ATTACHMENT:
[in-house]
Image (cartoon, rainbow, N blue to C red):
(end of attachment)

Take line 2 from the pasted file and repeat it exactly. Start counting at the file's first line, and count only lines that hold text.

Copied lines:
Image (cartoon, rainbow, N blue to C red):